I can't help but to respect that Michael. Me being a youngin' dealing with this sensitive subject, I can only imagine what's yet to come for me in the future. I'm open about my beliefs and I am far from ashamed. No one can change that but it's also not respected. There's nothing wrong with the Atheist title. Everyone is just so caught up in the fact that we don't value christian/muslim/catholic/jewish/etc. beliefs, they forget to respect us and at least TRY to understand our values. it's immoral to say the least.
Respect the individual, not the religion~ true! I love the part about you don't need 'god's' plans, you have your own! :)
I have been saying for decades that I respect a person's right to believe whatever they want, but I do NOT have to respect what they believe.
When Mormons come to the door, I snort and laugh at them. I'd like to laugh at the Jehovah's Witlesses, too, but I live with one...my Aspie sister. <shrugs> Can't win 'em all.
They can dish it out...
It annoys me, too, when atheists dislike using the word. Why do some feel a need to 'clean it up'? At an Atlanta Freethought Society meeting, we had an open discussion on what to call ourselves. I was new to the group, but immediately got kinda piss-y...I'm an atheist and feel no need to soften it up for a bunch of fools who believe in the make-believe! I've done nothing wrong and have nothing to be ashmaed of...as far as my atheism goes, that is.
You go Tonya! Good for you and you are right!!!~Melinda
Once, when I was working at JCPenney Advertising (in a large building that is the heart of the LA Garment District), Good Friday and Passover occured on the same day...and I wasn't aware of that. I went out on the afternoon beak to buy a pack of cigarettes, and every damn store and restaurant was closed. (Well the Chinese restaurant didn't have a cigarette machine... remember those?)
I finally figured it out, and came stomping back in the office and bellowed, "Where the eff can an atheist buy some smokes around here today?" Quite a few jaws hit desktops and drawing boards, and the secretary/receptionist blurted, "But you're too nice to be an atheist!" I asked her what that had to do with anything, went to my own desk. I looked at the three gay young guys in my department who were stuffing their fists in their mouths to keep from LOLing, and I started laughing.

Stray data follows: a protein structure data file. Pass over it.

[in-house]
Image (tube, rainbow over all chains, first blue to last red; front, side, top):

Made my day. I think that was when I finally came out of the Non-Believer's Closet after 20 years of keeping things to myself. That was almost 30 years ago...an amazing relief.
But "atheist" in itself is NEITHER a bad word, nor a good word, it's just a word that means a LACK of belief in any deity. It's not necessarily a statement that there is no god, or gods. It just means that you/I personally don't worship any, or pray to any.
That's why people who claim to be agnostics get on my left nerve...they think it means that they don't know whether or not there is a god, sort of a middle-of-the-road position, but that's what atheism is. Agnostics (for the most part) don't go to religious services, or pray over their Big Macs, so IMO they're no different from those of us who come right out and say we're atheists...they're just too cowardly to do the same.
If they don't know there's a god, how can they worship one? THAT's the difference.